Second-hand luxury shops are no new sight throughout East Asia, having proliferated in Japan before spreading to South Korea and, later, Hong Kong and Taiwan from the 1970s through the 1990s before gradually taking root in mainland China over the past 20 years. But it is only in the last decade or so that buying used luxury items has gone mainstream, and ultimately gone online — first through nationwide chains like Milan Station (and its many similarly named knockoffs), and more recently via apps like Beijing-based Plum.
Despite continued growth, mainland China’s second-hand luxury market is a drop in the bucket compared to total high-end spending. But that is changing, albeit slowly, and driven by younger consumers eager to get their hands on items snapped up during the country’s “luxury glut” of 2008-2018.
The challenge now, as it has been for years, is for second-hand luxury sellers to build confidence that they’re selling the real thing. As Jing Daily noted in 2017:
On the whole, Chinese consumers have not yet cottoned to the concept of second-hand luxury, as a recent opinion writer noted in a piece on the Chinese site Tencent, which cited this lack of wide acceptance as a major obstacle for further growth of this sector in China. Due to the relatively short history of luxury consumption in the country, the majority of domestic consumers still prefer to purchase new luxury goods and look down on the value of second-hand goods.
Typically, articles focused on China’s second-hand luxury market stick to a well-worn thesis: that there is a cultural component for Chinese consumers turning their noses up at used high-end items. But younger shoppers, in particular, have shown themselves to be completely resistant to pigeonholing and don’t behave in any way similar to the luxury consumers who preceded them in the 1980s through the early 2000s.
Their biggest concerns are price and authenticity — getting real second-hand items for a good price. As such, this is where the opportunity for second-hand luxury startups has lain, and where they’re investing their time and energy.
While by no means the only company in the mix, two-year-old Beijing startup Plum, which recently closed its 20 million Series B round, has gained the attention of investors, media, and consumers by using a consignment model similar to that employed by its older American counterpart, The RealReal. Following a relaunch this September with a new Chinese name, “Hong Bu Lin” (红布林) and other in-app upgrades, Plum, while only a fraction of the size of The RealReal, is likely looking to chart a similar growth pattern but avoid some of the recent issues that have caused jitters in The RealReal’s stock performance in 2019.
Paramount among consumers interested in second-hand luxury is authenticity. Despite a small army of in-house authenticators, The RealReal has been dogged by stories of counterfeit items sold on the platform, as well as overly damaged or mislabeled products. The company has moved quickly following bad press to insist that its authentication processes are evolving and improving, but authenticity is — and will remain — the biggest challenge in selling second-hand items.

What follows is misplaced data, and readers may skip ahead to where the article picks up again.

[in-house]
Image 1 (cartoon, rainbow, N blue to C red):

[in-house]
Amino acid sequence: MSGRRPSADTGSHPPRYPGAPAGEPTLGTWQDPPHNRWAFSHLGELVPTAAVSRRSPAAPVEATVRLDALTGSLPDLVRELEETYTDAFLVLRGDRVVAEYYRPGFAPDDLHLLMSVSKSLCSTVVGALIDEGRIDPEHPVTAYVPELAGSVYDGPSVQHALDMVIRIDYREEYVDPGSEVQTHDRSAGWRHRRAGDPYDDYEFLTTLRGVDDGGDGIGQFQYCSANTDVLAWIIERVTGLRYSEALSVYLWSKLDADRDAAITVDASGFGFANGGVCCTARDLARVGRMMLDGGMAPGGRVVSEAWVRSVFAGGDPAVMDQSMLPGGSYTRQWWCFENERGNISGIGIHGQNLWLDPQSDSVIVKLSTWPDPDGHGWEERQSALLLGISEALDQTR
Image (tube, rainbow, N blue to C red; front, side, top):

Chinese resellers like Plum appear keenly aware that domestic shoppers will put any items under a microscope and have no compunction blowing up the company on social media. The company also knows that consigners themselves need to have faith in the company before sending their items off for listing. As such, Plum has taken to collaborations to build up their stock and put shoppers’ minds at ease, working with Japanese vintage retailers to build supply and take advantage of the good reputation of Japanese second-hand shops in Greater China.
As Jing Daily pointed out earlier this year, taking the Japan-cred route is a shortcut used by other startups like Liwo. According to founder Zhao Depeng, Japan sets an example for China in terms of how to develop second-hand luxury businesses and nurture consumer awareness.
The second challenge faced by second-hand online retailers remains obtaining and selling stock in good condition, and convincing customers that they’ll get what they expect. Plum, for one, has jumped on China’s red-hot live-streaming trend by showcasing products in a way that lets potential buyers ask questions to live-streaming hosts and purchase items in real-time. (Something you don’t see on American sites like The RealReal.)
While it’s a common refrain that Chinese consumers aren’t ready for, or interested in, second-hand luxury, all signs point to continued market growth next year. Quite simply, younger consumers in China have already shown themselves to be completely different from their predecessors in terms of the brands they like, the way they mix and match, their style influences, and the way they shop — e.g., via live-streams instead of waiting in line on the Champs-Élysées.
There’s also a greater amount of potential supply than ever available in the China market, following well over a decade of global shopping sprees, and undoubtedly plenty of consigners eager to clear their closets and make some cash amid a slowing and uncertain economic outlook. As Jing Wu, a partner at Qiming, recently told the FT, “Chinese customers have accumulated large sums of luxury and fashion products. A lot of them are only lightly used or have never been used… The younger generation with limited cash is much more receptive to fashion resell.”
Provided startups like Plum can put consumers’ and consigners’ minds at ease, sustainably build inventory and introduce strict authentication controls while latching onto key trends (like live-streaming) beloved by the 18-35 crowd, the market can only continue to gain strength in the year ahead.